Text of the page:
• Nothing new here: Japanese textbooks omit Japanese atrocities1 , draw fire from China, Koreas.2 However, it’s worth noting that this was from Andrew Bell, writing at the official blog of the American Historical Association. It’s nice to see Asian history getting some note, though it would be even nicer if it wasn’t the same-old, same-old. For a really fresh take on the textbook/nationalism question, I highly recommend Ian Condry’s article about alternative media and non-nationalistic historical visions in Japan.
  • Kevin Murphy noted the appearance of a new report on WWII “comfort women” and US collusion in the Occupation era “comfort stations” for US GIs. This got more attention than usual because it coincided with PM Abe’s visit to the US. Interestingly, he did apologize (repeatedly), and President Bush accepted him at his word. However, apologies have no legal weight, it seems, and the “apology fund” attempt to privatize absolution failed miserably. (Non-sexual slave laborers also denied compensation, so at least they’re consistent). You can find the whole Congressional Research Service report here.
  • In the “read it or not, you’re going to have to have an opinion” category, comes an announcement of a new broadside volley in the Atomic Bomb historiography, a bold attempt edited by Robert James Maddox to present the full array pro-bomb arguments against “revisionists.” Gar Alperovitz and Tsuyoshi Hasegawa are named as particular targets of these essays. The press release (that’s all it is, so don’t expect a balanced review) contains not the slightest hint that an honest scholar could doubt the ineffable wisdom of history as it happened, a Panglossian view with a real edge.
  • Speaking of broadsides, Vietnam War revisionist (here it’s a good thing) Mark Moyar couldn’t find a job and the usual arguments about politicization in the academy are offered by the usual suspects. Note, however: he’s applied for “more than 150″ jobs in “over five years.” US history positions routinely attract 80-150 applications; I don’t know how many jobs my Americanist colleagues usually apply to in a job search year, but even in my little Asian history corner of the market I’ve had years in which I made 20 applications. He sounds like a strong candidate almost anywhere (and it sounds like he’s made the short list a fair number of times), but I’ve seen plenty of searches from both sides and the process is never a simple head-to-head c.v. weigh-off: This is what makes it hard for candidates, I admit, but it also means that it’s awfully hard to conclude anything, even from a lot of rejections. He’s teaching at a better school than I am now, and suing a top-tier program, to boot.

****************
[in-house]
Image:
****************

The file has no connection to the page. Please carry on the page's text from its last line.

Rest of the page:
• There is a high liklihood that almost two hundred Japanese Christian martyrs of the pre-seclusion era will be beatified later this year. I haven’t been able to find a press report online with more details: every report I’ve seen echoes this one in highlighting the “pacifist samurai” angle.
  • Takamatsuzuka tomb restoration work begins
  • Collaboration doesn’t pay? The South Korean government is going to seize assets owned by the descendants of collaborators going back to members of the cabinet which signed the annexation treaty in 1910. I can see this going one of three ways: it gets tied up in court and never goes any further; a very high bar is set for the definition of “collaboration”, leading to generations of debate about the historicity and utility of such definitions, not to mention considerable acrimony regarding boderline cases; a vague definition of collaboration results in a flood of cases, lawsuits, historical geneological and pseudo-historical disputes, charges of favoritism, deeper corruption and the release of massive quantities of new and interesting historical materials into the public sphere.
  1. see also this, this []
  2. At the same time, China and Korea are moving ahead with joint historical projects with Japan []